Pensions: How Much Risk Should Workers Have to Bear?

By Robert Kuttner

We are now living through the first serious stock-market downturn since the shift from traditional "defined benefit" employee pensions to 401(k)s that leave employees and retirees with more choice, and, of course, more risk. The grim joke is that after people get their latest portfolio statements, they now have "201(k)s."

Employees near retirement age, who watched their holdings soar during the roaring '90s, now face a rude awakening. Many people in their 60s are having to postpone retirement. And recent retirees are often finding they have far less to live on than they expected.

All this should occasion a serious national debate about employee benefit and retirement policy. This debate has not been clearly engaged, but we face a three-way choice: Given that stock prices fall as well as rise, do we shelter employees and retirees: (a) by moving back in the direction of defined-benefit plans, where the corporation does the financial planning on behalf of employees and bears the risk? Or (b), do we rely more heavily on social insurance, where risk and cost are spread to the entire society? Or (c), do we train the next generation, starting with 25-year-olds entering the labor market, that life is about risk and expect them to master their own financial planning? In the years after World War II, large employers functioned as a kind of private welfare state, offering generous pension and health plans. Large corporations, often under pressure from unions, did all this to foster loyal workers. They could afford to do so in that era, thanks to a set of economic conditions that have now evaporated.

FREE-FOR-ALL. First, the workforce was younger, so health and pension costs were lower. Second, most large companies were substantially insulated from fierce price competition. Major industries were either regulated (airlines, utilities, banks, telecommunications, broadcasting, energy production, hospitals) or were domestic oligopolies sheltered from foreign trade (autos, steel, rubber). Either way, their profit margins and long-term viability were secure.

In two decades, such preconditions have collapsed into a free-market free-for-all. Changing employee and retiree demographics have only added to cost pressures. To contain expenses, companies have displaced risks and costs onto employees. This shift is consistent with the prevailing ideology, namely, that workers should be freer economic agents. But often the rhetoric of choice is just a handy rationale to pass the risk.

Two decades ago, over 40% of private-sector employees were covered by a company-financed pension plan, according to the Labor Dept. Today, only about 20% are. Meanwhile, the percentage of workers with 401(k)s has grown from almost nothing to 33%. But the median 401(k) account had only $16,000 in 1998, according to the Federal Reserve's latest Survey of Consumer Finances.

No large New Economy corporation founded in the 1990s offers a traditional pension plan, where workers are guaranteed a defined pension based on a formula reflecting salary history, years of service, and inflation adjustments.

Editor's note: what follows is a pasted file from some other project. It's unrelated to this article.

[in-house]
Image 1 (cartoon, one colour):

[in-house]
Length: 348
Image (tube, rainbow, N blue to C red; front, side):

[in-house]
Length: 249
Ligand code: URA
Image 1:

BAD TIMING. Corporations are also capping other employee benefit costs by shifting to so-called cafeteria approaches, where an employee gets a fixed sum as a fringe benefit and can choose among health, child care, disability, and other possible benefits. This punishes employees with special needs or those whose lower incomes make it hard to supplement capped company benefits.

Health plans may also be going the way of pensions. In the late 1980s and early '90s, employers faced annual hikes in health insurance premiums of 15% to 20%, about double the rate of inflation. Thanks to managed care and a passing of costs to employees through higher co-pays and reduced covered benefits, these annual increases subsided in the mid-1990s to less than the rate of inflation. But all the easy savings have been made, and costs are once again escalating by double digits.

Some employers are now considering "defined contribution" health benefits, in which an employee gets a fixed sum as premium support and buys his or her own insurance. The Bush Administration has a similar cost-capping strategy in mind for Medicare.

Shifting risk to individuals, though, is more problematic than it seems. Life takes unpredictable turns, and people sometimes make uninformed choices. Moreover, high-risk employees, cut loose from the collective security of a corporationwide health plan, often find that insurers will not offer coverage at affordable prices. And given the vagaries of financial markets, new retirees may be innocent victims of nothing more improvident than unlucky timing.

So which way should we as a society go? Back to more paternalistic corporations, with expanded social insurance, or rugged individualism in the face of unknowable risks? This may be one of the most important issues facing America in the years ahead.

Robert Kuttner is co-editor of The American Prospect and author of Everything for Sale.

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